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Combining input-output analysis and micro-simulation to assess the effects of carbon taxation on Spanish households

  • Xavier Labandeira
  • José M. Labeaga

This paper explores the effects of a tax levied on Spanish energy-related CO2 emissions. After justifying the relevance of carbon taxation in the Spanish context, we consider the introduction of a product (fossil-fuel) tax with a rate obtained through the ‘actual damage cost’ method. Our empirical analysis proceeds in two stages. First, we employ an input-output demand model to calculate the price changes after the introduction of carbon taxation. In a second stage, simulation with Spanish household micro-data for 1994 yields the environmental and economic effects of a Spanish carbon tax. We find a limited short-run reaction to the carbon tax, which hampers its environmental success. The carbon tax burden is, however, significant, with a proportional distribution across households.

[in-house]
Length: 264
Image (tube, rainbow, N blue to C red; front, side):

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Article provided by Institute for Fiscal Studies in its journal Fiscal Studies.

Volume (Year): 20 (1999)
Issue (Month): 3 (September)
Pages: 305-320

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Handle: RePEc:ifs:fistud:v:20:y:1999:i:3:p:305-320
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  1. Deaton, Angus S & Muellbauer, John, 1980. "An Almost Ideal Demand System," American Economic Review, American Economic Association, vol. 70(3), pages 312-26, June.
  2. Banks, James & Blundell, Richard & Lewbel, Arthur, 1996. "Tax Reform and Welfare Measurement: Do We Need Demand System Estimation?," Economic Journal, Royal Economic Society, vol. 106(438), pages 1227-41, September.
  3. Samuel Fankhauser, 1994. "The Social Costs of Greenhouse Gas Emissions: An Expected Value Approach," The Energy Journal, International Association for Energy Economics, vol. 0(Number 2), pages 157-184.
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